In the past few years, many scientists claimed that the blue light emitted by the screens of many electronic devices would seriously disrupt our sleep patterns. To solve this problem, almost every laptop or smartphone now has a specific “night” setting aimed at reducing blue light emissions. However, a new study of these night modes shows that these settings have no effect on improving overall sleep results. The only way to improve sleep is to not use the screen at all before going to bed.
Decades ago, scientists discovered that the small retinal cells behind our eyes produced a light-sensitive retinal protein called melanin. Melanin is produced under the action of light. It helps to regulate our circadian rhythms and tells our brains to stay awake and alert.
Melanin has also been found to be particularly sensitive to light in the blue spectrum with a wavelength of about 480 nanometers. This supports a number of assumptions, that the use of LED screens and smart in a couple of hours before going to bed mobile phone will disturb sleep. For this reason, most smartphone manufacturers have introduced night mode, which aims to add a warm tone to the screen at night. This mode is called Night Shift on iPhone devices, Night Light on Pixel, and Blue Light Filter on Samsung.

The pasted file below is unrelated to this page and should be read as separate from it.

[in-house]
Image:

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But can these functions really improve sleep? A research team from Brigham Young University and Cincinnati Children’s Hospital Medical Center answered this question. The researchers recruited 167 young subjects and divided them into three groups for a seven-day study. The first group was asked to use the iPhone with the Night Shift function turned on for one hour before going to bed; the second group also asked to use the iPhone for one hour, but the Night Shift function was not turned on; the third group did not use the phone at all one hour before going to bed.
Use a wrist-worn accelerometer to track sleep quality and calculate various results, including time to fall asleep, total sleep time, and frequency of waking up during sleep. Chad Jensen, one of the researchers working on the project, said the results are quite clear. After digging into the data, the researchers divided the cohort into two groups, those who slept an average of about 7 hours a night and those who slept less than 6 hours a night.
In the long-term sleep deprivation group, Jensen said: “When you are super tired, no matter what you do before going to bed, you will fall asleep. Sleep is so stressful that what happens before going to bed really has no effect.” In a cohort that slept for about 7 hours a night, the researchers found that the sleep quality of subjects who did not use their mobile phones at all before going to bed had some improvement. In contrast, there is no difference between the two groups using mobile phones.
Jensen said that these results show that blue light has little or no related effect on people’s falling asleep speed or sleep quality. Instead, he claims that the psychological involvement of using a smartphone is a more powerful factor that changes a person’s sleep quality.
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